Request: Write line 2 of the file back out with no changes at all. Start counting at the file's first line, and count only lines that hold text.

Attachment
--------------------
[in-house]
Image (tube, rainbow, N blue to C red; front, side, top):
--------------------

Image (tube, rainbow, N blue to C red; front, side, top):